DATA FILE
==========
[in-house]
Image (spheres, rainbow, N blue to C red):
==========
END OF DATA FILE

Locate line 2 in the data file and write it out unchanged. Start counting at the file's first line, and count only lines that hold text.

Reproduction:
Image (spheres, rainbow, N blue to C red):